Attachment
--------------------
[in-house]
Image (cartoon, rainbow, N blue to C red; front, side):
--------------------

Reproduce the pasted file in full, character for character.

[in-house]
Image (cartoon, rainbow, N blue to C red; front, side):